Wasps, like spiders, divide people. They can cause pandemonium or can be admired.
As part of my case for admiring, consider their house building skills and team work. The picture above is of a partly built nest just discovered under our soffit, attached to TV cables. These are Norwegian Wasps, one of 6 species of social (meaning they are not solitary, rather than that they will have a chat with us!) wasps in Ireland.
These nests are built, bit by intricate bit, by the wasps chewing wood into a pulp and pasting it into place at the nest.
The Tree Wasp above was found in early June nibbling away at the wood of our already weathered, garden shed.
The nest is started by the Queen and extended by the worker wasps produced. The inner construction is a honeycomb shape with hexaganol cells where the eggs are laid and the wasp larvae grow.
The picture above from the Galapagos Islands shows the early cells with eggs of Yellow Paper Wasps. And below is a similar example from Spain, showing the stem (Petiole) stuck to the leaf by the Queen.
Another nest in construction, this time by Paper Wasps (Polistes gallicus), near Montepulciano in Tuscany.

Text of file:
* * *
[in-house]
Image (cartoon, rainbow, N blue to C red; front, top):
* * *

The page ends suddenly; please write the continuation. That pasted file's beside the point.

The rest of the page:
Outside these cells, a number of cover lobes are constructed so that the nest ends up in a roughly round shape with an entrace hole near the bottom.
Common and German Wasps are said to be more common. They usually build their larger nests underground.
It can be difficult to identify different wasp species, especially if their faces are buried in flowers or you are concentrating more on getting out of the way! However each species has distinctive black marks on the back and face. This is a bit complicated by variations amongst Queens,Workers and Males.
These paper houses can be found all over the world, varying in shape size and rigidity. The wasps are also quite adaptable. A few years ago Tree wasps adopted a Tit Nest Box to host their nest.
Surely one of the wonders of the world! 🙂